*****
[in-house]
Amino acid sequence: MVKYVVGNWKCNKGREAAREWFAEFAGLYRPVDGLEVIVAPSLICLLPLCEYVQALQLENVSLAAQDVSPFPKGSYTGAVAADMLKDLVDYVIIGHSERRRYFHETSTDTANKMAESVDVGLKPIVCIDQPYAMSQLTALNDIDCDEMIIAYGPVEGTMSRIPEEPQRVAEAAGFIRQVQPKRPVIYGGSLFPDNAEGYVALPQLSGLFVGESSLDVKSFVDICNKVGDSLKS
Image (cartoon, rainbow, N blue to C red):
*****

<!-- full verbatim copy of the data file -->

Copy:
[in-house]
Amino acid sequence: MVKYVVGNWKCNKGREAAREWFAEFAGLYRPVDGLEVIVAPSLICLLPLCEYVQALQLENVSLAAQDVSPFPKGSYTGAVAADMLKDLVDYVIIGHSERRRYFHETSTDTANKMAESVDVGLKPIVCIDQPYAMSQLTALNDIDCDEMIIAYGPVEGTMSRIPEEPQRVAEAAGFIRQVQPKRPVIYGGSLFPDNAEGYVALPQLSGLFVGESSLDVKSFVDICNKVGDSLKS
Image (cartoon, rainbow, N blue to C red):